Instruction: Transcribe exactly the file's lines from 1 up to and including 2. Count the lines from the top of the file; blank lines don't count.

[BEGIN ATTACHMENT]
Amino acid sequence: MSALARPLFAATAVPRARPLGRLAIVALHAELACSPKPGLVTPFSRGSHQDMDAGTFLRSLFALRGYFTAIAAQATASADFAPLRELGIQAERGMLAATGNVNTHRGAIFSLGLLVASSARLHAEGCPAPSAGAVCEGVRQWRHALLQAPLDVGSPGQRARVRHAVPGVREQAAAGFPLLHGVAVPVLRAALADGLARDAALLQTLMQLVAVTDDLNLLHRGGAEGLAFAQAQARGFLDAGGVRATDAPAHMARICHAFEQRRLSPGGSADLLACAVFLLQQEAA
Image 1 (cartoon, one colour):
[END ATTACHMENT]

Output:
Amino acid sequence: MSALARPLFAATAVPRARPLGRLAIVALHAELACSPKPGLVTPFSRGSHQDMDAGTFLRSLFALRGYFTAIAAQATASADFAPLRELGIQAERGMLAATGNVNTHRGAIFSLGLLVASSARLHAEGCPAPSAGAVCEGVRQWRHALLQAPLDVGSPGQRARVRHAVPGVREQAAAGFPLLHGVAVPVLRAALADGLARDAALLQTLMQLVAVTDDLNLLHRGGAEGLAFAQAQARGFLDAGGVRATDAPAHMARICHAFEQRRLSPGGSADLLACAVFLLQQEAA
Image 1 (cartoon, one colour):